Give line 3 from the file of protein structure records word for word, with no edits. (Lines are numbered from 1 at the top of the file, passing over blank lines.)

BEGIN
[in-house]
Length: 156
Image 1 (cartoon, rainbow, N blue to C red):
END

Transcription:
Image 1 (cartoon, rainbow, N blue to C red):